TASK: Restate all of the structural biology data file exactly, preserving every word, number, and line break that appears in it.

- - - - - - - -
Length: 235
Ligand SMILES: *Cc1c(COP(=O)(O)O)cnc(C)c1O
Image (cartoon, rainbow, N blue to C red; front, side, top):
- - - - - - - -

Length: 235
Ligand SMILES: *Cc1c(COP(=O)(O)O)cnc(C)c1O
Image (cartoon, rainbow, N blue to C red; front, side, top):